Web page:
Stephen Girard Park, at 21st and Shunk streets, is her passion. And she’s not alone. The Girard Estates neighborhood has enjoyed the 4-acre park even more since renovations were unveiled last spring.
What was once a decaying property filled with crumbling sidewalks and neglected landscaping, is now a cozy, beautiful area, perfect for family enjoyment.
“It’s an adorable little park but no one was taking care of it for years and years and years,” Fera said. “A few years ago, Councilman Kenyatta Johnson allocated capital funding money to have the park renovated. We had to get it back to being a beautiful park again.”
Fera, who is one of two co-founders of the Friends of Stephen Girard Park, along with Ann Christinzio, is hoping to keep the park as a beautiful place and as one of South Philly’s recreational treasures.
Renovations to the park included new site paving throughout the park to correct significant water drainage issues, improved and replaced lighting, tree removal and landscaping, the installation of 18 new park benches and new trash receptacles.
The park cost approximately $1.2 million to renovate with about $720,000 of the funding coming from Johnson’s office. Those efforts helped beautify the park prior to a ribbon cutting in March 2019. But a living, breathing park still needs its tender loving care. And the Friends of Stephen Girard Park are hoping to secure additional money during a second phase of fundraising currently taking place.
Personalized bricks are being sold to help further beautify the park with the intention of making certain aspects of it more accessible to the public. The 4×8-inch bricks cost $150 each and can be customized with three lines, 20 characters each. Bricks can be ordered by contacting Fera at Elaine.Fera@sunoco.com.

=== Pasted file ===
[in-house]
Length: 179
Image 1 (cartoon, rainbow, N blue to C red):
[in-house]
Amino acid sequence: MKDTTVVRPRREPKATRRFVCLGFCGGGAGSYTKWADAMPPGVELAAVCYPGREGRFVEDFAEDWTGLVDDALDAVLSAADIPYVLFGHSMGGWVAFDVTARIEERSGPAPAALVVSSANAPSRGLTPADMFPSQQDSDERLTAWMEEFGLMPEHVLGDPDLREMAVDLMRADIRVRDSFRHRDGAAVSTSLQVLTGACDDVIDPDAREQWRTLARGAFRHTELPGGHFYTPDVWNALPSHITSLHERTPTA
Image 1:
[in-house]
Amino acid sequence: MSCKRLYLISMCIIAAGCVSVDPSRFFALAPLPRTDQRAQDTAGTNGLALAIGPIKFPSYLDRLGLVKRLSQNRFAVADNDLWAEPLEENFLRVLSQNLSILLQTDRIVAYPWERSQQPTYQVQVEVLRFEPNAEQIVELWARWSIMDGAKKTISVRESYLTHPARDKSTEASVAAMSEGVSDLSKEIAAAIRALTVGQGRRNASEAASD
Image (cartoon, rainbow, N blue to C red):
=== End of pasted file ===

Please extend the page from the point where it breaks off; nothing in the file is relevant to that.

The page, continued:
She said 40 bricks were purchased during the first phase and were installed around the Stephen Girard statue in the center of the park earlier this year. The new batch of bricks will accompany them after the engraving is ordered.
“Some people bought them to memorialize their loved ones who passed away,” Fera said. “A lot of people just said they loved the park and put a message to enjoy it with their names on it. There are some really nice bricks out there already.”
The Friends of the park already sold plaques at $500 apiece to accompany the 18 newly placed benches. Fera said all the money collected goes a long way in preserving the park and planning for future events, in addition to the help they receive from the high school students from the nearby Girard Academic Music Program, who contribute several community service projects.
She said eventually she’d like to see the park host birthday parties, wedding ceremonies and other events, in addition to the public community events that already line the calendar. It would involve a significant cleanup of the historic farmhouse on the site.
The park hosted holiday events including Halloween and Christmas, with plans to host another on Easter. The summer was also jam-packed with things to do.
“We had a theater group come out and do a live theater, which was a lot of fun,” Fera said. “You know, parks make great neighborhoods. We’re just excited to make it grow as much as we can.”